Suppose we have a data set $X$ that is split as $X_{\text{train}}$, $X_{\text{val}}$ and $X_{\text{test}}$ and the outcome variable is binary. Let's say we train three different models (logistic regression, random forest, and a support vector machine) using $X_{\text{train}}$. We then get predictions for $X_{\text{val}}$ using each of the three models.

In stacking, is it correct to say that we train a logistic regression model on a data set of dimension $|X_{\text{val}}| \times 3$ with the predicted values and actual values of the validation set? This logistic regression model is then used to predict outcomes for data in $X_{\text{test}}$?

  • $\begingroup$ By stacking, do you mean ensemble learning? $\endgroup$
    – nbro
    Commented Apr 28, 2019 at 12:25
  • $\begingroup$ Do you mind if I edit the title of your question to be a bit more general so it is more clear the context of the post? $\endgroup$
    – Hanzy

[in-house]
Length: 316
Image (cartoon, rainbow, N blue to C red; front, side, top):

Commented Apr 28, 2019 at 13:59

1 Answer 1


The predictions of each of your initial models will become a feature to feed the meta learner. If you use $n$ initial models, then for each example you will feed the meta learner $n$ features, each feature being a prediction from one of the initial models.

Note that this doesn’t mean the size of your dataset increases. Instead, each member of $X_{val}$ will be represented by $n$ features, with the $k$th feature being equal to the initial prediction of the $k$th initial predictor.

This medium link recommends a package that can help you build a pipeline.

Note: in a sense if you are caching the intermediate predictions of each initial predictor, you’ll end up with $n$ times as many data points as there are entries in $X_{val}$. But these are simply each going to be a feature of another data point, so the dataset hasn’t really increased in size.


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